Accused triple-murderer Shawn Peterson sat ready Tuesday morning to seal his own fate.
The deal was 65 years in prison for the horrific violence in 2013 that left his ex-girlfriend, their 18-year-old son and her 20-year-old daughter dead in their Gentilly garage.
Orleans Parish District Attorney Leon Cannizzaro was there in the courtroom to bless a plea agreement that would have seen Peterson, 44, spend his 105th birthday behind bars.
But family members of Christine George, Leonard George and Trisa George just couldn’t stomach it, and neither would Criminal District Court Judge Laurie White.
The judge swiftly canned the deal, demanding that Peterson serve three life sentences or take his chances at a trial.
“For you to negotiate a number does not do justice to the three people you killed,” White told the defendant. “A life for a life, with you.”
After a pause in the hearing, Peterson rejected those terms — “No ma’am,” he said — drawing a rebuke from the bench.
“You’ll make a lot of people happy, sir, because they hope you’ll get the death penalty,” White said, though she acknowledged the chances of an Orleans Parish jury handing out a death sentence were “slim to none.”
The stalemate followed emotional testimony from family members of the three victims, who expressed anger at a plea deal that prosecutors first spelled out to them a few weeks ago. It called for Peterson to plead guilty to manslaughter and waive his rights to an appeal in exchange for the 65 years.
Christine George was a 39-year-old New Orleans police complaint operator when Peterson allegedly shot her and the two siblings.
“My family is broken up. I don’t have no sister. I’d like to just literally slap them for that 65. He don’t deserve 65. Nobody did him what he did to my family,” fumed Patrick Preston, an older brother of Christine George, from the witness stand. “Judge, I’m drinking today. I have not stopped drinking since my sister died.”
Preston, 49, then pointed a finger at Peterson.
“I would love to destroy your family — if I had the opportunity to do to your family what you did to my family,” he said, adding, “I hope you rot in hell.”
Another brother, Oliver George, said the family wants Peterson prosecuted on the first-degree murder charges he faces, come what may.
“He took my sister, took my niece and took my nephew. We feel that for three lives it’s not worth it. It’s not equal,” said George, 48. “We live with this pain every day. Every day. This man’s trying to beat the system again.”
With the deal scuttled, White set the next court date in the case for Jan. 22.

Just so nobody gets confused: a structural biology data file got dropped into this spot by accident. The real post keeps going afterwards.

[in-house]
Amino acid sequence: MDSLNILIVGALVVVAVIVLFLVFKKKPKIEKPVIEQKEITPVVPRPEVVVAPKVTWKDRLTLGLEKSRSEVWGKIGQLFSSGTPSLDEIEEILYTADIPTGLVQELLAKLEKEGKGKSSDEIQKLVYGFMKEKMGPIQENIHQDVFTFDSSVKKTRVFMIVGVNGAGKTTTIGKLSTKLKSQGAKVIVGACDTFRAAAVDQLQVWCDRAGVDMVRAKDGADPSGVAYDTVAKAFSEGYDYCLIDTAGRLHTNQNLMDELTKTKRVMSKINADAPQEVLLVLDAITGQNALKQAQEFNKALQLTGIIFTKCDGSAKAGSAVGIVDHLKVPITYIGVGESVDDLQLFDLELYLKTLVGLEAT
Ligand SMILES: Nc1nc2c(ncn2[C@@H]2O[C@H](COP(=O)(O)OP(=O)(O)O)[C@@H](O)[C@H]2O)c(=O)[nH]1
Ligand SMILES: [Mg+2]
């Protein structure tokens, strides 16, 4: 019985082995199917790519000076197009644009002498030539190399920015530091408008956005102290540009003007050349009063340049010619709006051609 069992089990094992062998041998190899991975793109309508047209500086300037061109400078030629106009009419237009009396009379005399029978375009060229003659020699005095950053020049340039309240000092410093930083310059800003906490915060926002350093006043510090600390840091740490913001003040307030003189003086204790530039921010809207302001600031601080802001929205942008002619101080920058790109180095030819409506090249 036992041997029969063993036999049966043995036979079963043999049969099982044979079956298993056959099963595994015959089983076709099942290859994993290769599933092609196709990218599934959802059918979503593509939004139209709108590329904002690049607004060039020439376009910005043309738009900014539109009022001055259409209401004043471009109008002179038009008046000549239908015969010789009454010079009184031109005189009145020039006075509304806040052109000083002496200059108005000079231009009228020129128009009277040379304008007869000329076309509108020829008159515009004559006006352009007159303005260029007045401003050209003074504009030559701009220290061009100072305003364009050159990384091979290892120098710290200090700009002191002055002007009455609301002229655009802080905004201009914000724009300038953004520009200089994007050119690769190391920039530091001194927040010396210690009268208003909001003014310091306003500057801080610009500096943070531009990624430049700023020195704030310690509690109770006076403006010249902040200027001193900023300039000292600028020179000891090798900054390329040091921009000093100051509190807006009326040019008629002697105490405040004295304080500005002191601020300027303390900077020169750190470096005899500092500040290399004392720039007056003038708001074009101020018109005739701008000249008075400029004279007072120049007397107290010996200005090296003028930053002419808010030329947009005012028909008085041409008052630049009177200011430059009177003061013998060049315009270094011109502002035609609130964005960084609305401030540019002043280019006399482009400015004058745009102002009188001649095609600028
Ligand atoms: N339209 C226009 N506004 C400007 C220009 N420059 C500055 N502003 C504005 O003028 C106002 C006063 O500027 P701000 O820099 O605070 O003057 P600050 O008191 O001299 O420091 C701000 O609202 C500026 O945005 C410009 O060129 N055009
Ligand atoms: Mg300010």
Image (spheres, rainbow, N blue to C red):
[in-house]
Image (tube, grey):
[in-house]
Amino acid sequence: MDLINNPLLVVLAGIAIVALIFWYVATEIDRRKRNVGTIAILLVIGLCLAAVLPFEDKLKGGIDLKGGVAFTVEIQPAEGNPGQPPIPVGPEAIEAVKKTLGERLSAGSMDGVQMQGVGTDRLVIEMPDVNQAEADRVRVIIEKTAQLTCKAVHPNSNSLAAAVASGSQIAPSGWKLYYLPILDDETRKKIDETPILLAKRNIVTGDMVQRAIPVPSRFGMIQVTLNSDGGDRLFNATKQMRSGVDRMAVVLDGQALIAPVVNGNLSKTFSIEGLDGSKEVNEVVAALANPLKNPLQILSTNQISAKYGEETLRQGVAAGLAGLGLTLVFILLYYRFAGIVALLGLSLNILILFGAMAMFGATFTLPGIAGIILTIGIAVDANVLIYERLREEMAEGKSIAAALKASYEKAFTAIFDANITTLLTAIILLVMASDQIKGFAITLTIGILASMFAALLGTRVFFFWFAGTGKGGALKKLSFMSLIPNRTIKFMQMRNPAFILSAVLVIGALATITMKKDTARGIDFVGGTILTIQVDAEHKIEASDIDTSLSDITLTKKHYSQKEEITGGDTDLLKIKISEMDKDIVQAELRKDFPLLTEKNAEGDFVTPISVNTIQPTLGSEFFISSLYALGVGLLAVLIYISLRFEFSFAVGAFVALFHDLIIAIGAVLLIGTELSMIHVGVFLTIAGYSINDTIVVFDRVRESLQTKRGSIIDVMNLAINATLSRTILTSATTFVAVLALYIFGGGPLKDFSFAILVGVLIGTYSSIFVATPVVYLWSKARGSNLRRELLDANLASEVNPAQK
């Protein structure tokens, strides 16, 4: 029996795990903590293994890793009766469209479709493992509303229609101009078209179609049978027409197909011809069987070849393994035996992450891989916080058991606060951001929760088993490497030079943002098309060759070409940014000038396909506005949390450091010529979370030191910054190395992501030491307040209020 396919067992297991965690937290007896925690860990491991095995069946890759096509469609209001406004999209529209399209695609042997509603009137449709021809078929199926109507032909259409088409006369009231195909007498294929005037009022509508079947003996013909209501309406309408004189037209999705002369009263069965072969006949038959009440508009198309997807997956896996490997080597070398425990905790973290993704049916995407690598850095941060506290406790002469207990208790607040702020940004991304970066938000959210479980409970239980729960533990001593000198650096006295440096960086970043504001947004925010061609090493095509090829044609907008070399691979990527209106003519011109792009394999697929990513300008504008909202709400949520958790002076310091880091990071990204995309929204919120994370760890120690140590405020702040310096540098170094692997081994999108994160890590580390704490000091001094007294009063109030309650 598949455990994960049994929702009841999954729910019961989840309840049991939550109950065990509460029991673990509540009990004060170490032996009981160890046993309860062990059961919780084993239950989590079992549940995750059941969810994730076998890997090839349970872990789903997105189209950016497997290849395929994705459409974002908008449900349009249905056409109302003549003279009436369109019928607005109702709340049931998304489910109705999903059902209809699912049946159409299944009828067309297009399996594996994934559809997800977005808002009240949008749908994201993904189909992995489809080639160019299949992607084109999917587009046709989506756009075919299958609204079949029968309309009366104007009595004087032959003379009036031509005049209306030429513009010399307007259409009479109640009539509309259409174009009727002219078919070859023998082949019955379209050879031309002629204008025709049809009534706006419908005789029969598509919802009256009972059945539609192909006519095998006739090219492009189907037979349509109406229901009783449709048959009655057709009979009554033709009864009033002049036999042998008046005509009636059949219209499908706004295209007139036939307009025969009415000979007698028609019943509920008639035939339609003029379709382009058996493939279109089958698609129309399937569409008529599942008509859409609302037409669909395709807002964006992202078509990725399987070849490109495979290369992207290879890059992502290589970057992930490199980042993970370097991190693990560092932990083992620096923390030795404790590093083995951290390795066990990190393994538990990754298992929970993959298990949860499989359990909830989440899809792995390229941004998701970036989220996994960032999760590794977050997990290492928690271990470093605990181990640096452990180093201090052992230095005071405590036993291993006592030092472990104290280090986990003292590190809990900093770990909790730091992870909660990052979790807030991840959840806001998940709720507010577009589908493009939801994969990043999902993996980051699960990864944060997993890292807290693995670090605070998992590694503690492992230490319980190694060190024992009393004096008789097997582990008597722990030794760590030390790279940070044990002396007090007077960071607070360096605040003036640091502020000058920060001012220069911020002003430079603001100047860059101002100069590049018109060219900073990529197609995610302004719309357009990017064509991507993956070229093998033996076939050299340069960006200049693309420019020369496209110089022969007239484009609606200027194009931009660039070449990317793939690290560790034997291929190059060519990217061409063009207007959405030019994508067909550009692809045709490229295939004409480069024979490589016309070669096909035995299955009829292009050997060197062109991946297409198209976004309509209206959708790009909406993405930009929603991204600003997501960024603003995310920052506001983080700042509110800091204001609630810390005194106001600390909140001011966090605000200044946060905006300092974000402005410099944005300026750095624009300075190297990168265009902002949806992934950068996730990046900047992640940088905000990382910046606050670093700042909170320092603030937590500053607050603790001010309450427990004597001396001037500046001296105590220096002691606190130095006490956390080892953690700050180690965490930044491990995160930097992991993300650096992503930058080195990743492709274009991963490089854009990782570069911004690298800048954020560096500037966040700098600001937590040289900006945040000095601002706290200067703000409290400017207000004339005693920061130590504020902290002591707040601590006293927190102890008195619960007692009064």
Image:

“The judge exercised her discretion in rejecting a plea deal that the district attorney believed to be an effective life sentence,” said Christopher Bowman, spokesman for Cannizzaro’s office, declining to further discuss the case.
Peterson’s lawyers with the Public Defenders Office, Christopher Murell and Anna Van Cleave, have pressed with some success to suppress evidence in the case — namely, two of three statements that Peterson made to police that White ruled inadmissible, finding police failed to read him his Miranda rights.
His attorneys also have sought to cast doubt on the NOPD investigation because of its broadcast on the reality crime TV series “The First 48.” At one point, they sought unaired footage from the show, hoping to uncover exculpatory evidence.
Police arrested Peterson shortly after the triple killing in the 4400 block of Jeanne Marie Place but released him soon afterward for lack of evidence before booking him on three murder counts a week later.
Peterson’s criminal record includes a guilty plea in 1995 to attempted murder, for which he received a 20-year sentence. In May, he was booked on possession of contraband in the Orleans Parish jail.
Preston, one of the brothers who testified, said his birthday, which falls near the date of the killings, reignites his anger over the crime every year. Outside the courtroom, he said he was baffled at the plea deal offer by Cannizzaro’s office and pleased that White rejected it.
“Now I don’t have to keep worrying about this. I can fix my family,” Preston said. “We’re not settling for that. I want the look on his face that he gave me when I found out my sister was dead.”
Follow John Simerman on Twitter, @johnsimerman.